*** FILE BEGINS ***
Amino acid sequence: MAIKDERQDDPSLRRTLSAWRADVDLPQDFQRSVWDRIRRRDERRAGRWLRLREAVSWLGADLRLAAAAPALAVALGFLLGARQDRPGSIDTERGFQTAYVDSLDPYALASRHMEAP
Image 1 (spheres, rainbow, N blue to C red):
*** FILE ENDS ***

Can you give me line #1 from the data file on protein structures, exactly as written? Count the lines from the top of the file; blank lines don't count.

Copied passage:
Amino acid sequence: MAIKDERQDDPSLRRTLSAWRADVDLPQDFQRSVWDRIRRRDERRAGRWLRLREAVSWLGADLRLAAAAPALAVALGFLLGARQDRPGSIDTERGFQTAYVDSLDPYALASRHMEAP